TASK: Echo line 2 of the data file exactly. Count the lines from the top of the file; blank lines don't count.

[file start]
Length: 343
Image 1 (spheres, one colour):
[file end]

Image 1 (spheres, one colour):